Eskom & Racial Discrimination

There’s currently an interesting dispute over Eskom’s affirmative action programme. One of their coloured employees claims that Eskom offered him a promotion and then rescinded it because he was “too white”. (According to the employee, Eskom argued that “coloured South Africans did not have to carry pass books and blacks therefore had to enjoy precedence over them in affirmative action”.) Eskom claims they never offered him the job in the first place; beyond that, they’re keeping quiet.

It seems evident that one of two things is true: either Eskom has an overtly racist advancement policy, or this employee is trying to take advantage of the employment equity programme to cast doubt on his competitor and get a promotion he didn’t deserve. Either way, this is the natural outcome of making race the decisive factor in choosing who to promote, or deciding who gets what: you’re always going to get people who try to game the system by claiming a greater or lesser degree of racial purity than others. (I’m reminded of a chapter from Nelson Mandela’s autobiography, in which he describes the absurd legal spectacle of defending an Indian man who had been incorrectly classified as black.)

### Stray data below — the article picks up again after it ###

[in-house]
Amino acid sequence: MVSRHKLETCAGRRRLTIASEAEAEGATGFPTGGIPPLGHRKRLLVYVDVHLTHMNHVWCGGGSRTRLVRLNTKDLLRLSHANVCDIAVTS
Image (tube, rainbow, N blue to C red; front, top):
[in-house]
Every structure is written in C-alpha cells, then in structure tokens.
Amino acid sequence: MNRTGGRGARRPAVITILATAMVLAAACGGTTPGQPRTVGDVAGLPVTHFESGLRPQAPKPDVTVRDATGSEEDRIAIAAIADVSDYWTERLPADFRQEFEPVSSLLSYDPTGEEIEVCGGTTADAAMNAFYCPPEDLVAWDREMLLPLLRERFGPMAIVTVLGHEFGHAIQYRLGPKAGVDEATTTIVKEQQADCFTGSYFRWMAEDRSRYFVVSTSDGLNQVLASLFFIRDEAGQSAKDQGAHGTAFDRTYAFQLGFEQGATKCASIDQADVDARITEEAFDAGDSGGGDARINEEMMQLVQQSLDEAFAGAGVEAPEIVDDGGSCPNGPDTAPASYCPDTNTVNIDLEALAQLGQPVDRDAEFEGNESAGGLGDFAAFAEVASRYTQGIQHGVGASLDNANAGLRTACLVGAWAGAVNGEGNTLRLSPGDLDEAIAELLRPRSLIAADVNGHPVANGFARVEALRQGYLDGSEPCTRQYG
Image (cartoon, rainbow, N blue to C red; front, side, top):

The real question, of course, is why Eskom is awarding a position like “project engineering specialist” on the basis of race at all. This question is all the more pertinent when one considers Eskom’s inability to fulfil their core mission of providing power for the country. Affirmative action may well be a necessary evil: I’m open to the idea that, in a broader sense, the stability of our society and our economic system requires that we redistribute resources between racial groups, and affirmitive action is part of that. But necessary or not, it is still an evil, as the absurdity of this dispute demonstrates.